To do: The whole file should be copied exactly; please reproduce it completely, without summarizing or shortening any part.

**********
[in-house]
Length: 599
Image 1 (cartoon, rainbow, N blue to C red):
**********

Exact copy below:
[in-house]
Length: 599
Image 1 (cartoon, rainbow, N blue to C red):